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  • Order coffin/casket – if there is a particular one that you would like to use

  • Make your own coffin/casket – time is needed to gather materials, to physically build and possibly have approved as suitable. It is a legal requirement for the coffin/casket to have two identification plates. One is a name plate (wooden or brass) with the person’s FULL NAME engraved onto it, as well as a lead strip, with the person’s INITIALS and FULL SURNAME stamped into it in 10mm letters. The nameplate is screwed (with 4 screw holes) onto a wooden coffin/casket or attached to a wicker coffin/casket and the lead strip is taped/attached to the underside of the name plate if to be buried or given to staff at the crematorium.

  • If burial is what is wanted, burial plots can be reserved prior to death.

  • Cremation and burial can be prepaid (for people wanting to plan ahead) at the cemetery of choice at a slightly higher cost to on demand.

  • If you want to keep your person at home/place you will need to think about and arrange cooling – e.g., ice (can freeze water in plastic water bottles or ‘hot water bottles’), hire cold plate (limited availability), air cooler/conditioning etc.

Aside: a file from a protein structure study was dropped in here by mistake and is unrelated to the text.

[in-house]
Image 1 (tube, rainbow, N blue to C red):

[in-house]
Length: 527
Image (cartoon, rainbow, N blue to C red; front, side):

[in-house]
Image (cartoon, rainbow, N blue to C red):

• If family/community are thinking that would like to take on the role and responsibilities of the funeral (by apply for a ‘single funeral permit’ – NOTE: ‘Single Funeral Permit Packages’ [information regarding required forms] are available from ‘Metropolitan Cemetery Board’ or the local Shire or local cemetery/crematorium in regional areas) it is worthwhile becoming familiar with what is required prior to the death occurring.

  • If your person is likely to die in a care facility/hospital/hospice and you would like to bring them home once death occurs, inform staff that this is your plan - You can have a body taken home after death in a facility, you may be discouraged or possibly told the body needs to be embalmed, this is not true. You can transport your person yourself (or arrange transport with a funeral director) and do not need a special permit (can be more straightforward if the transport is done by the executor of the will and with ‘medical certificate of cause of death’ – but no legislation around this. Also, the care facility/hospital/hospice may ask you to sign a register before you take the body – this is what the funeral director would usually sign).


  • “The doctor who was responsible for the medical care of a person before their death or who examines the person after death, must complete and sign a ‘medical certificate of cause of death’. This certificate must be issued within 48 hours after the person's death and given to the funeral director or persons arranging the funeral service.” (From WA Dep. of Health)

  • The person can stay home after death with ice and air conditioning (or cold plate) for up to 5 days (5 days is WA legal max. allowable amount of time) depending on cause of death, condition of body and medication/treatments they were receiving prior to death. Also, an important factor to consider is WA temperatures in summer, people generally seem comfortable to keep their person at home for 24 – 48 hours.